This is a consistent issue in our industry: we are so enamoured with our own tech and math genius, we often overlook the emotional quotient in advertising. We talk a big game about getting the right ad to the right person on the… etc. etc. but we never talk about getting ‘the most beautiful ad’ or the most ‘compelling ad’ or really anything else to with the quality of the creative itself. For those of you who watch Mad Men, it’s as if we’re all Harry Cranes and none of us are Peggys or Dons or Teds.
Imagine if Mad Men was just about Harry. I’m reminded of a classic Roger Sterling line from the most recent episode: “Cutler won’t be happy until this agency is just Harry Crane and his computer.” It only now struck me how heavily we have bet on the numbers, leaving the creative and the quality of the message behind for someone else to worry about. I searched for some thought pieces on the state of programmatic creative and it’s pretty slim pickings. This piece, from AdExchange, though, I thought was a good start. The new breed of ‘Math Men’ need a new breed of creative lead to really succeed.
A marketer who chooses to could employ a strategy of “right message to the right person at the right time on the right device on the right operating system at the right geofenced location during the right weather conditions …” In other words, the possibilities of highly relevant, “context-aware” advertising have never been greater. And yet, a one-size-fits-all creative strategy largely reigns supreme.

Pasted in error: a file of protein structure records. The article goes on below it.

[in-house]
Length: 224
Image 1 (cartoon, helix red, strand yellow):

A very timely piece of research and data to be released as I put the final preparations on my deck for Digiday’s European Publisher Summit. Strong growth across Europe and the the mobile tide is coming in as fast, if not faster, than the soothsayers were forecasting.
Very interesting to see that:
Spending on display ads continued to gain momentum, logging higher growth than any other format, at 14.9%, and a total value of €9.2 billion ($12.27 billion)
Although I must wonder how much of that is Facebook.
Granted, this piece is authored by someone with some skin in the game (and, full disclosure, so do I) but still, some compelling stats. Paid content as engaging (on a click basis) if not more than ‘straight’ editorial. Just because it’s paid for doesn’t mean it isn’t good. I mean, just look at the Lego Movie for the ultimate example of this.